Friday, October 28, 2011

Movie Review: The Three Musketeers

The Three Musketeers is a novel by French author Alexandre Dumas. There have been many film and cartoon adaptations made dating back to 1903; at least once a decade, sometimes more. You would probably be hard pressed to find someone who is unfamiliar with the synopsis, whether they know it or not. What, then, could Paul W.S. Anderson’s new adaptation offer that hasn’t been done dozens times before over the last century? One word: Steampunk.
In Venice, The Three Musketeers Athos (Matthew Macfadyen), Porthos (Ray Stevenson) and Aramis (Luke Evans), with the help of Athos' lover, Milady de Winter (Milla Jovovich), steal airship blueprints made by Leonardo da Vinci. However, they are betrayed by Milady, who gives the blueprints to the Duke of Buckingham (Orlando Bloom). Upon returning to France, the Musketeers are forced to disband by Cardinal Richelieu (Christoph Waltz) for their failure. A year later, young D'Artagnan (Logan Lerman) leaves for Paris to become a Musketeer. He manages to offend each of the disbanded Musketeers, and challenges them to a duel. The four are brought to the young King Louis XIII (Freddie Fox) and his wife, Queen Anne (Juno Temple) for dueling in public, but are given a full pardon. Richelieu, with the help of Milady, plants false evidence to suggest that Queen Anne and the Duke of Buckingham are having an affair, in hopes that war would erupt between the two countries, kill King Louis, and put himself (Richelieu) to rule France. To prove the Queen’s innocence and stop a potential war, the Musketeers must retrieve the planted evidence and her stolen jewels, from Buckingham, the most securely guarded location in England.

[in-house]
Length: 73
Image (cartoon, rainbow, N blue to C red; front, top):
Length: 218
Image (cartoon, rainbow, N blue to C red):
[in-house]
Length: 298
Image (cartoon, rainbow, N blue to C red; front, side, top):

This adaptation of The Three Musketeers (2011) is very fast paced and focuses primarily on the action, and little on the characters. There are some token moments of character development that are vaguely interesting. Since those moments are all we get, the characters remain underdeveloped and simple. Arthos is interesting because he’s lost faith in the world, in people, and in love as a result of Milady’s betrayal. It is restored by the end of the film, but it is not revealed why. D'Artagnan is a quintessential arrogant young man out to prove himself to the world. His inexperience is taken advantage of a few times by other characters, but this doesn’t seem to make him any more humble. Milady is interesting with her political machinations, resourcefulness, and constant double-crossing. However, the fact that she is dishonest seems to be what defines the character. There really is nothing more to her than that. The script was awful and the characters were oversimplified, in spite of some good opportunities to make them more interesting.
Steampunk is basically sci-fi technology that is generally set in the Victorian era where everything is still steam powered. Air ships, mechanical computers, and steam- powered robots are all common in Steampunk. It can be interesting, but generally just adds unnecessary aesthetics. That is basically what it does for The Three Musketeers. Arthos uses an aquatic combat suit to take out enemies from underwater. Da Vinci’s vault has ridiculous booby-traps reminiscent of an Indiana Jones movie. Milady has enough mechanical spy gear to make James Bond look like mall security. The climactic fight is between two air ships trying to knock each other out of the sky. None of these devices, or anything like them, should exist in that time period. It’s kind of like if someone were to make a movie of Victor Hugo’s Les Miserables and add a bunch of Steampunk technology. Nothing meaningful would have been added, it might detract from the movie's overall quality; it might be fun, but ultimately pointless.
Anderson’s The Three Musketeers was a fun action movie. It had flat characters, a dumb script, great special effects, and a creative setting. This really isn’t worth watching in the theaters unless you really value the 3D experience. If you’re already a fan of Steampunk, you’ll love it. If you are not, it is still kind of fun, but it’s definitely a renter if anything.

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